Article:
Other highlights of the film included Ant Man’s accidental meeting with a fully-formed Avenger and the way the film included Easter Eggs and references to the MCU, particularly its’ attempt to signify its’ move away from the Avengers with Pym’s statement of them being busy “toppling a city somewhere”, rather tongue-in-cheek at the destruction caused in Age of Ultron. Such levels of destruction thankfully cannot be attributed to Ant Man however with the biggest moment of chaos being caused by an enlargement of Thomas the Tank Engine in a scene with produced chuckles from the entire screening audience. In terms of the problems, Ant Man does seem to bear resemblance to Guardians a bit too much resulting in a lack of freshness from Marvel’s POV, particularly when the latter was only released last year, whilst the plot thread of the Quantum Realm seemed a bit too rushed and jack-hammered in to be truly interesting. All in all however, Ant Man succeeds in being a rather entertaining and much welcomed entry into the MCU, and in my opinion beats Age of Ultron for best Marvel film so far this year. Up next, Fantastic Four. What a time to be alive.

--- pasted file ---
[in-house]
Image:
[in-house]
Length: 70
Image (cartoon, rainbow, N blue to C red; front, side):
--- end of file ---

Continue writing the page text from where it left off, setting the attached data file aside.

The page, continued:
Dan’s Score: 8/10
PETE – Dan has hit the nail on the head. Ant-Man was another one of the MCU’s films that honestly looked a bit naff. The trailers were lacking and it felt like the whole movie was pretty much summed up within them, yet like Guardians of the Galaxy, it was a huge surprise. The journey of an ex-con turned superhero was fantastic. Instead of dropping you into a story with characters who know their powers, their limits and strengths, we actually see a someone become a hero who doesn’t have infinite wealth or training to begin with.
The story was great fun. Ant-Man always seemed a but dull to me but Marvel have the uncanny ability to create characters that are so likeable and fun that make me want to run down to the comic store and dig into the back catalogue for a little more. Now as I haven’t seen anything involving Ant-Man, I can only say that I enjoyed the portrayal I saw, whether it is accurate or not. Paul Rudd simply doesn’t age and I’m sure for many years to come we could see him playing this role because he was great fun. His comedic wrap sheet means that he can execute lines on a whim and be extremely convincing doing so. Its the character that he can embody. Yet, considering Ant-Man is supposed to have a master degree, we really don’t see much about this at all but hopefully we can see it in his next outing.